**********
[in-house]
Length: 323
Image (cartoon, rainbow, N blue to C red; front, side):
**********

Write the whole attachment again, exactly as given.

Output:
[in-house]
Length: 323
Image (cartoon, rainbow, N blue to C red; front, side):